Have we turned the corner on clean energy policy?

windmill on a cornerTrying to determine the present government’s stance on renewables is confusing to say the least. Has the Turnbull/Bishop palace coup brought on a complete rethink of clean energy policy? Have we seen the end of the relentless “war on renewables” of the Abbott era? Or is it more of the same?

It’s too early to say for sure of course but there are definite signs that a gradual evolution (rather than revolution) of government clean energy policy is underway. If so, this can only be a good thing for confidence in the renewables sector and Australia in general.

Despite early signs that Turnbull 2.0 was keen on placating the rampant anti-renewable right wing of the party — indeed his explicit support of Direct Action was a shock to many Australians — there have been signs since that point to change.

One is the remarkable conversion, or reversion to type (take your pick), of the Environment Minister “Genial” Greg Hunt.

Now most of you will recall that Greg was the smiling face behind the worst of the government excesses during the Abbott scorched earth policy against renewables.

Time after time Greg would front the media, looking shaky and shocked, as if he hadn’t slept in a month, to announce the latest attack on the renewable energy industry. This from the strident anti carbon tax campaign to defunding renewable energy agencies, a move that has since been stalled in the Senate.

In a surprise move, Hunt retained his Environment portfolio under the new, more moderate Turnbull administration, a move that brought a collective face palm from renewable energy sector and commentators alike.

But then a strange thing happened. Greg started acting as a proper “Environment Minister” and started making noises you’d expect from one charged with protecting the world we live in.

Here’s a few examples:

“[I have] expressed my view that renewables are not only a fundamental part of our energy mix now and increasingly in the future but also that I find them and have always found them an appropriate part of Australia’s energy.” AM 25/9/2015

“… obviously under Malcolm Turnbull there is a history of a deep long support for renewable energy.” Sky News 21/9/2015

In accordance with the new Greg, Turnbull and his advisors quietly moved responsibility for the CEFC and ARENA to Environment, away from the troglodyte Industry portfolio, where fossil fuel advocates generally ran riot. In a key pointer to the future of clean energy policy for this administration, Hunt proceeded to announce that he will end the ban on the Clean Energy Finance Corp investing in wind and small scale solar.

So what exactly does Hunt’s apparent policy turnaround on renewable energy agencies CEFC and ARENA mean for the solar industry? A great deal says SolarQuotes founder Finn Peacock who points out the importance of their respective roles.

“CEFC provides funding for solar (and other renewable) projects that risk-averse commercial lenders often shy away from,” says Finn.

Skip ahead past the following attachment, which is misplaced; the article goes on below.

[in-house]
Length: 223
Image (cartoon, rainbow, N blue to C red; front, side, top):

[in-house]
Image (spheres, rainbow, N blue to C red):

“This reliable source of funding is important for the solar industry that needs accelerated growth for the sake of the climate, especially when it is competing with hugely subsidised fossil projects (like the proposed tax-payer funded rail line for Adani). CEFC is also turning a profit for the taxpayer, so it is not a subsidy.”

Finn makes the point that agencies such as ARENA help Australia lead in disruptive and innovative technology.

“ARENA provides funds for new renewable technology. It supports the research, demonstration and deployment of bleeding edge clean tech so we can keep more of it in Australia. That’s exactly what Malcolm said we need to do in his first speech as PM,” he adds.

Does Greg Hunt see the agencies in the same way? Of course Greg’s a politician and used to making backflips of which an Olympic diver would be proud. But could it be that supporting a positive government policy on clean energy is a core belief of the now long-term Environment Minister? Greg’s apparent Damascene conversion may indicate the clean energy is to be included in the clarion call for emerging technologies as part of the innovation agenda so strenuously underlined by Malcolm Turnbull.

We may have turned the corner on clean energy policy in this country, now to catch up with the rest of the world.

Comments

  1. The judgement is still out, but don’t forget so far we have a new shovel, but still the same shit

  2. Increasing spending on small scale wind and solar is all very well but this only helps power companies to provide green power to on sell to us at high prices.
    I would rather see more support for roof top solar with end users with suitable roofs helping to provide 90% + of their own green power with their own panels.
    This takes the demand for company supplied power / stations to a much lower level with the end user contributing in a subsidised way to the capital cost of owning their own panels which I suspect is cheaper for the community than windmills and mirror farms and as it built up more it would allow closing the more polluting power stations.

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